Secondary Level-High School
This session focuses on the collaborative relationship between the mainstream history teacher and the special education teacher. We will offer strategies on how to incorporate modified instruction.
Paul Mazzuca, Ryan Hutchins, Patrick Block, Adlai Stevenson High School, Lincolnshire, IL
Study the Trust’s Civil War Curriculum. This free resource provides 9 standards-based goals covering the war from disunion to reconstruction; complete with lessons, materials, and assessment. Then work with colleagues to create your own.
Nicole Osier, Civil War Trust, Washington, DC
This online and face-to-face education program utilizes the best of tech-ed and constructivist learning methods to transform classrooms into countries and students into citizens. Students don't just learn about law, government, and economics, they get to participate in their own mini-versions of them.
Brenda Ball, Crofton House School, Vancouver, BC
War is much more complicated than a video game. Give your students the skills to grapple with global issues and explore humanitarian responses to conflict. Free, standards-aligned, ready-to-use resources provided.
Alicia Guajardo, James Lane, American Red Cross, Washington, DC; Joanne Dufour, Antioch University, Seattle, WA
The investigation of Chief Standing Bear’s journey and the plight of the Poncas comes alive with engaging participant experiences using media, digital technology and historical habits of mind.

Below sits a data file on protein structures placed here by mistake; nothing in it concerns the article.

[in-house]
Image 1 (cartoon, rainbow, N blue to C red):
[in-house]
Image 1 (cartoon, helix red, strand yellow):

Cindy Renner, Lincoln Public Schools, Lincoln, NE; Larry Wright, Lincoln, NE
Classroom ready materials teach U.S. and world history as uncertain problems based on primary & secondary sources: images, words, music, numbers riddled with bias, confusion, controversy to motivate youthful detectives.
Jack Zevin, David Gerwin, Queens College/CUNY, New York, NY
Aligning with Common Core, The DBQ Project sharpens students’ critical thinking, reading and evidence-base writing. The Project’s method allows all students, grades 4-12, to excel in the sophisticated DBQ experience.
Mollie Hackett, Beth Montgomery, The DBQ Project, Evanston, IL
The Arctic is receiving increased attention as a result of climate change, natural resource exploitation, and sovereignty issues. If there is a “bright side” to these issues, it is that Arctic indigenous peoples have a greater involvement and more influential voice in international affairs than ever before. --> read more »
Nadine Fabbi, Canadian Studies Center, University of Washington, Seattle, WA; Amy Sotherden, Center of the Study of Canada/Institute on Québec Studies, SUNY Plattsburgh, NY; Betsy Arntzen, Canadian-American Center, University of Maine, Orono, ME; Tina Storer, Center for Canadian-American Studies, Western Washington University, Bellingham, WA
Join National Geographic staff for an exhilarating round of demonstrations of cool, classroom-ready activities. --> read more »
Brenda Barr, National Geographic, Washington, DC; Kim Hulse, National Geographic, Washington, DC
Dive in to the rich history of the Pacific Northwest. Start the morning with an overview presentation during breakfast, then strap on your walking shoes to take in the sights of downtown Seattle on a guided walking tour. --> read more »
Tara McCauley, Julia Swan, Museum of History and Industry, Seattle, WA